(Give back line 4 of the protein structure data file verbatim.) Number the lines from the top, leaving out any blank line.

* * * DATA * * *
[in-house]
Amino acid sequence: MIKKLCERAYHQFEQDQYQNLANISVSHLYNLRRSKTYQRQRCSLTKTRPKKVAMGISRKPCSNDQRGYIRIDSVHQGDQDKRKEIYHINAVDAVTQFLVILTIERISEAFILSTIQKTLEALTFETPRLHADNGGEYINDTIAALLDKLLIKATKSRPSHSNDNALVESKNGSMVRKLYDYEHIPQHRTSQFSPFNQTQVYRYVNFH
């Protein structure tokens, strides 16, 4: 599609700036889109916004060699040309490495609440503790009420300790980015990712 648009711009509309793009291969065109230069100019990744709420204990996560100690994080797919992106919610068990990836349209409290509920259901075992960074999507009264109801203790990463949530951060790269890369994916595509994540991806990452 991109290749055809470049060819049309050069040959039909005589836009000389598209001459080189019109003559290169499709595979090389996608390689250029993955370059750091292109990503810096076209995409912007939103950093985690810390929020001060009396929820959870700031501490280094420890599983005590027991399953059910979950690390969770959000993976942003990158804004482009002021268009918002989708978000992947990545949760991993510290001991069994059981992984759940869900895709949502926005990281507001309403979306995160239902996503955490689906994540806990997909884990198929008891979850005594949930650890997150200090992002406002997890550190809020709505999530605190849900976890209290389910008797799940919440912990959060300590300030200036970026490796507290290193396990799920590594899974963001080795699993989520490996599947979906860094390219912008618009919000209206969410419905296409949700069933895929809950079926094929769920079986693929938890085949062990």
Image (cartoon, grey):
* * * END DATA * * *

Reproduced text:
Image (cartoon, grey):